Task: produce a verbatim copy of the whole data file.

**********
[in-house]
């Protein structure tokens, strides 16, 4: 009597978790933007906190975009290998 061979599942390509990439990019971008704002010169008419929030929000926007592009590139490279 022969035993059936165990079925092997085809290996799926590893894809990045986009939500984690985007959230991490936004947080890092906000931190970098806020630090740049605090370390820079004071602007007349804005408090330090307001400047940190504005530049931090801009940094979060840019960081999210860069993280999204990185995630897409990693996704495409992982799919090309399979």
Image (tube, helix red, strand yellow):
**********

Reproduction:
[in-house]
């Protein structure tokens, strides 16, 4: 009597978790933007906190975009290998 061979599942390509990439990019971008704002010169008419929030929000926007592009590139490279 022969035993059936165990079925092997085809290996799926590893894809990045986009939500984690985007959230991490936004947080890092906000931190970098806020630090740049605090370390820079004071602007007349804005408090330090307001400047940190504005530049931090801009940094979060840019960081999210860069993280999204990185995630897409990693996704495409992982799919090309399979």
Image (tube, helix red, strand yellow):